Brief Cases by Jim Butcher download in iPad, ePub, pdf
As a lawyer, you will have to read and analyze cases with a careful eye to detail. Concurring and dissenting opinions are included in a casebook when they present an interesting alternative analysis of the case. Describe the final disposition of the case. To be most effective, case briefs must be brief. How to prepare a brief To prepare one, you must distill the case's most important parts and restate them in your own words.
With the statement of facts, you have taken the case to the point at which the plaintiff filed suit. It was insightful and even touching. There are many different ways to brief a case. You should use the format that is most useful for your class and exam preparations.
Use the right caption when naming the brief. State the holding in your words. Now, begin practicing and developing your briefing skills. Include in your brief only those facts that are legally relevant. You also will have to summarize cases when writing legal memoranda, briefs, and other documents and when making oral arguments to courts.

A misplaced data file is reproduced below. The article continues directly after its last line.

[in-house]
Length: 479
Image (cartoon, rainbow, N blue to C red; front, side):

It will help you see the case in a different light. Therefore, you should describe the analysis in your case brief.
You are now ready to describe the opinion you are briefing. This section of the case brief may be the most important, because you must understand the court's reasoning to analyze it and to apply it to other fact situations, such as those on the exam. Explain the final disposition. Next, state the facts of the case. Bob the Skull makes an appearance here to good effect, helping Harry analyze the long-running curse.
Though these stories are fairly light action and mystery fantasy tales, there are deeper themes running through them. You now should describe the court's rationale for each holding. Because you will not know which facts are legally relevant until you have read and deciphered the entire case, do not try to brief a case while reading it for the first time. For a trial court opinion, identify the type of legal action the plaintiff brought. To analyze a case properly, you must break it down to its component parts.
- The Tao of Parenting
- The Indispensable Electoral College
- Radical Welcome
- Responsive Legality
- Ether and Modernity
- Extraordinary October
- Public Goods, Public Enterprise, Public Choice
- Best Trail Runs Seattle
- Education and Work in Great Britain, Germany and Italy
- The Right to a Fair Trial
- Essays in Biography
- Two Dollar Bill
- Sacred Places of Goddess
- Fuseli's Milton Gallery
- The Tycoon And The Wedding Planner
- The Mediterranean Prescription
- Computational Intelligence in Decision and Control